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OBJDUMP(1)		     GNU Development Tools		    OBJDUMP(1)

       objdump - display information from object files.

       objdump [-a|--archive-headers]
	       [-b bfdname|--target=bfdname]
	       [-C|--demangle[=style] ]
	       [-EB|-EL|--endian={big | little }]
	       [-j section|--section=section]
	       [-m machine|--architecture=machine]
	       [-M options|--disassembler-options=options]

       objdump displays information about one or more object files.  The
       options control what particular information to display.	This
       information is mostly useful to programmers who are working on the
       compilation tools, as opposed to programmers who just want their
       program to compile and work.

       objfile... are the object files to be examined.	When you specify
       archives, objdump shows information on each of the member object files.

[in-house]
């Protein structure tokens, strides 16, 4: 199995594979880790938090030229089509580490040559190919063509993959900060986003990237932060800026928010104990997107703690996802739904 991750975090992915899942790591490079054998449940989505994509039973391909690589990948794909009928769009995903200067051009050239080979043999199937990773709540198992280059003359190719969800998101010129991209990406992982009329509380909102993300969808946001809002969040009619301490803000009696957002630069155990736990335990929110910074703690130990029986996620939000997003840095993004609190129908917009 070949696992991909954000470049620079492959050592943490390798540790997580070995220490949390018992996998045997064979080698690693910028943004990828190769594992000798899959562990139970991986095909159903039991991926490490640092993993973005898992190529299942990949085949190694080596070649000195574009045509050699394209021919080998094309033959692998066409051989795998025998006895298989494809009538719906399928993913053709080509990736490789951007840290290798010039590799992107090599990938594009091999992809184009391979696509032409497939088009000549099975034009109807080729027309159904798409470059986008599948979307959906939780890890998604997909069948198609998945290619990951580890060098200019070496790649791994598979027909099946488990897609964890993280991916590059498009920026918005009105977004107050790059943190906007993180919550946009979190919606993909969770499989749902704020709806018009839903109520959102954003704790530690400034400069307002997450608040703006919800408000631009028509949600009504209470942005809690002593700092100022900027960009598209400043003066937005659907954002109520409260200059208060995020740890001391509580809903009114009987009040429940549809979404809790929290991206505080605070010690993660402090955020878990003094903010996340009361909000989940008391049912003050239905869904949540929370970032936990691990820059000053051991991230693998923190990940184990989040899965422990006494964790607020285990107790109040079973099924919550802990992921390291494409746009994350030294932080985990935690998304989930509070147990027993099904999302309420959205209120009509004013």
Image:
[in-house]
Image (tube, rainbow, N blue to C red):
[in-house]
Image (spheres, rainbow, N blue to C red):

The long and short forms of options, shown here as alternatives, are
       equivalent.  At least one option from the list
       -a,-d,-D,-e,-f,-g,-G,-h,-H,-p,-r,-R,-s,-S,-t,-T,-V,-x must be given.

	   If any of the objfile files are archives, display the archive
	   header information (in a format similar to ls -l).  Besides the
	   information you could list with ar tv, objdump -a shows the object
	   file format of each archive member.

	   When dumping information, first add offset to all the section
	   addresses.  This is useful if the section addresses do not
	   correspond to the symbol table, which can happen when putting
	   sections at particular addresses when using a format which can not
	   represent section addresses, such as a.out.

       -b bfdname
	   Specify that the object-code format for the object files is
	   bfdname.  This option may not be necessary; objdump can
	   automatically recognize many formats.

	   For example,

		   objdump -b oasys -m vax -h fu.o

	   displays summary information from the section headers (-h) of fu.o,
	   which is explicitly identified (-m) as a VAX object file in the